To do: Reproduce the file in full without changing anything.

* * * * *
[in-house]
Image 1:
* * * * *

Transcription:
[in-house]
Image 1: